The City of Birmingham Symphony Orchestra's most loyal supporter has reached a rare landmark after attending his 1,000th concert.
Music enthusiast Tim Walton, aged 57, whose lifelong passion for classical music developed from a young age, watched the CBSO's current musical director Sakari Oramo conduct a concert featuring some of his favourite pieces of music.
His parents, cellist Ralph and violinist Betty, bought him his first ticket to see the CBSO play at Birmingham Town Hall in July 1963 when he was 15 years old.
Since than, the hotel purchase ledger manager from Birmingham has become a regular fixture at concerts around the country, and has always had a soft spot for the CBSO and Symphony Hall.
Often he is found at the stage door gathering autographs for his extensive collection, which includes 3,000 autographs and 1,500 signed photographs from conductors and soloists.
Autographs from Benjamin Britain, William Walton, Aaron Copeland and Lennard Bernstein, famous for composing the score of West Side Story, can be found among his collection.
"Because they know me so well at Symphony Hall, I have access to get autographs of conductors.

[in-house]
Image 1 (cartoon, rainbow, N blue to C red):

"Normally I give them a list of all the conductors and soloists whose autographs I do not have and they tell me who they have coming.
"Now I go on my own because I live on my own, but because there are so many people I know, it is like a family and I always sit in the same seat. It is not the most expensive seat but I think you can see better and hear better.
"I have 500 plus musical scores so I take them with me and get them signed.
"Some have got ten to 20 autographs on them and I keep a list in the score because many of the signatures are illegible.
"I have at least 1,000 CDs including DVDs but I never get enough time to listen to them."
Mr Walton, whose favourite pieces include music by Mahler, Mozart, Shostakovich and Tchaikovsky attends 40 CBSO concerts a year and admits he will listen to anything once.
He has seen Sakari Oramo conduct 116 concerts.
"Sakari is a great conductor. His interpretations of English music are wonderful and I always look forward to them."
His favourite memory of the orchestra after its move to Symphony Hall was the opening concert, when the audience heard music come into the hall for the first time.
But he feels the place he calls his second home often does not get the recognition it deserves.
"It is one of the finest music halls in this country and among the top in Europe.
"It does not matter where you sit, it is like listening to everything in stereo and not in mono, unlike in the Town Hall. The sound is just out of this world.
"I am glad that one of my favourite pieces - Massenet's Meditation - featured in the concert. My 1,000th concert was a celebration of all the wonderful music I have heard over the last 42 years and I like forward to many more concerts in the years ahead."